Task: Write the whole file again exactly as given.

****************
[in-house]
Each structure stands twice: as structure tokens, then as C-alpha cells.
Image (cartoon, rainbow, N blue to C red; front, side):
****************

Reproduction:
[in-house]
Each structure stands twice: as structure tokens, then as C-alpha cells.
Image (cartoon, rainbow, N blue to C red; front, side):